World's cities are on a mission to become innovation hotspots. But which ones are doing well, and which are lagging behind? Innovation performance is what the Innovation Cities Index by the Australian research consultancy and data innovation agency 2thinknow has been measuring since 2007. We caught up with Christopher Hire, in charge of the ranking, to find out about the winners, losers and trends.
Christopher, which findings of the 2018 Innovation Cities Index by 2thinknow did you find the most intriguing?
One major finding of the Innovation Cities Index 2018 was that both large networked cities and small cities that are globally connected can become major innovation destinations. The improvement across both groups was considerable in some ways.
While the significant improvement of larger cities like Chicago and LA - according to the current data - might surprise some, it does not surprise others. These cities have been doing a lot of experiments in various parts of the city innovation eco-system.
Recall that the Innovation Cities Index is broad-based and measures 162 indicators covering 31 sectors of a city’s eco-system for innovation pre-conditions. The tech and start-up scenes are a big part of this, as is the university sector.
But from a city branding view, few people capture the experimental nature of Chicago's food scene - and our 2thinknow index measures innovation pre-conditions, which shows that the food, events and hospitality sector in Chicago is quite 'happening' - and this is having a flow on effect.
A city that rose frequently was Oakland. This is often an overlooked city, and one that had a negative reputation at times in the past. The city has become a kind of alternate San Fran, with many of the benefits and a lower cost base. Other virtuous cycle cities like Portland (Oregon) and San Diego (California) also rose in the ranking.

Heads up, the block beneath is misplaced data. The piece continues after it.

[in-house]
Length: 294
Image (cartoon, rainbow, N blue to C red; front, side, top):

The rise of small cities was noticeable in the more broadband-enabled US and Europe, because broadband internet and related tech is an enabler of the rise of small cities. In 2thinknow analysis, such cities become places where you live - so the brand of the place becomes important - while you interact in a third virtual world.
The 'telework' dream is becoming real - and that’s showing up in the data now. Why not live in Windsor, Canada, and commute into Detroit only occasionally. Detroit also rose this year, showing the success of precious business and community efforts.
This is similar to the previous hollowing out of developed countries, where the wealthier and poorer ends of the socio-economic scale succeed relatively better than the middle class of a given country. That is, the so-called average person feels under financial pressure, while the extremes experience improvement.
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